giant axonal neuropathy

Giant axonal neuropathy is an inherited condition characterized by abnormally large and dysfunctional axons called giant axons. Axons are specialized extensions of nerve cells (neurons) that transmit nerve impulses. The giant axons occur in the peripheral nervous system, which connects the brain and spinal cord (central nervous system) to muscles and to sensory cells that detect sensations such as touch, pain, heat, and sound. However, axons in the central nervous system can be affected as well.

The signs and symptoms of giant axonal neuropathy generally begin in early childhood and get worse over time. Most individuals with giant axonal neuropathy first have problems with walking. Later they may lose sensation, strength, and reflexes in their limbs; experience difficulty coordinating movements (ataxia); and require wheelchair assistance. Visual problems may also occur. Many affected individuals have extremely kinky hair as compared to others in their family.

As the disorder worsens and the central nervous system becomes involved, paralysis, seizures, and a gradual decline in mental function (dementia) can also occur. Most people with giant axonal neuropathy do not survive past their 30s.

Giant axonal neuropathy is a very rare disorder; only about 50 affected families have been described in the medical literature. The condition is thought to be under-diagnosed because its early symptoms resemble those of other, more common disorders affecting the peripheral nervous system, such as Charcot-Marie-Tooth disease.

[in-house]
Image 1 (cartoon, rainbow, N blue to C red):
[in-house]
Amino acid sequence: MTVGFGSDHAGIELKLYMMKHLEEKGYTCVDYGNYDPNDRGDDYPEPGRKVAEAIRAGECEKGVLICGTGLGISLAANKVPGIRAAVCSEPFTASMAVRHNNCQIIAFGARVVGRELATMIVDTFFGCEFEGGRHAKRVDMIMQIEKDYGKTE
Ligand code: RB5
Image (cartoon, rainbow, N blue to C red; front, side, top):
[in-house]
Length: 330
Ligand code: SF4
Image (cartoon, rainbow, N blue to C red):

Giant axonal neuropathy is caused by mutations in the GAN gene, which provides instructions for making a protein called gigaxonin. Gigaxonin is part of the ubiquitin-proteasome system, which is a process that identifies and gets rid of excess or damaged proteins within cells. In particular, gigaxonin plays a role in the breakdown of neurofilaments, which comprise the structural framework that establishes the size and shape of axons.

The GAN gene mutations that have been identified in people with giant axonal neuropathy result in an unstable gigaxonin protein that breaks down more easily than normal, resulting in much less gigaxonin in cells. In neurons without enough functional gigaxonin, neurofilaments that would otherwise have been broken down by the ubiquitin-proteasome system accumulate. The neurofilaments become densely packed in the giant axons of people with giant axonal neuropathy. These giant axons do not transmit signals properly and eventually deteriorate, resulting in the death of neurons. The loss of nerve cells leads to problems with walking and sensation in people with giant axonal neuropathy.

This condition is inherited in an autosomal recessive pattern, which means both copies of the gene in each cell have mutations. The parents of an individual with an autosomal recessive condition each carry one copy of the mutated gene, but they typically do not show signs and symptoms of the condition.

These resources address the diagnosis or management of giant axonal neuropathy:

These resources from MedlinePlus offer information about the diagnosis and management of various health conditions:

  • GAN
  • giant axonal disease